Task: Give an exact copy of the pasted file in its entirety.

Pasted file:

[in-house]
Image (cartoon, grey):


[in-house]
Image (cartoon, grey):